The Deep, Rivers Solomon, with Daveed Diggs, William Hutson & Jonathan Snipes (Saga 978-1-534-43986-3, $19.99, 176pp) November 2019.

Rivers Solomon’s The Deep has a pretty colorful and convoluted history, but one that suggests how SF and Afrofuturist conceits are increasingly interacting with the broader culture. The idea of a utopian under­water society built by the water-breathing de­scendants of pregnant slaves thrown overboard from slave ships was first conceived by ...Read More

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Adam Roberts Reviews The Quantum Garden by Derek Künsken

The Quantum Garden, Derek Künsken (Solaris 978-1781085714, $11.99, 300pp, tp) October 2019.

I reviewed Künsken’s debut novel The Quan­tum Magician for Locus and was, I can be honest, unsurprised Solaris elected not to use my summary judgment as a cover-blurb, viz.: “It’s not Proust but it passes the time.” Now here’s the follow-up volume: The Quantum Garden, Quantum Evolution #2. It is more of the same. If you ...Read More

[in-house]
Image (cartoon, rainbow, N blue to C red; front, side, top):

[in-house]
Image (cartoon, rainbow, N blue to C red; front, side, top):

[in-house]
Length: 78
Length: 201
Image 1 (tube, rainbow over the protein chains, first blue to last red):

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Russell Letson and Gary K. Wolfe Review Agency by William Gibson

Agency, William Gibson (Berkley 978-1-101-98693-6, $28.99, 416pp, hc) January 2020.

In Agency, William Gibson has produced a sequel to The Peripheral – or as much of a sequel as can be expected of a story space built, not on one alternate history or timeline, but on branching sets of them. Of course, the “multiple alternate histories” enabling device has been around SF for decades, going back as far ...Read More

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Ian Mond Reviews Jakarta by Rodrigo Márquez Tizano

Jakarta, Rodrigo Márquez Tizano (Coffee House Press 978-1566895637, $16.95, 160pp, tp) No­vember 2019.

The fact that Rodrigo Márquez Tizano’s debut, Jakarta, (originally published in 2016 and trans­lated by the always brilliant Thomas Bunstead) does not take place in Indonesia is one of the least puzzling aspects of this hallucinogenic novel. The setting is the city of Atlantika, a crumbling dys­topia, struggling to recover from the Z-Bug, the latest ...Read More

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Colleen Mondor Reviews Minor Prophets by Jimmy Cajoleas

Minor Prophets, Jimmy Cajoleas (Amulet 978-1-4197-3904-0, $18.99, 368pp, hc) September 2019.

Minor Prophets by Jimmy Cajoleas is presented as a thriller with slight supernatural elements. In the opening pages, teen Lee recounts how he has long suffered from prophetic visions, many of which have come true. One of those visions strikes hard after his mother and stepfather have a loud fight and she roars off in her car, declaring, ...Read More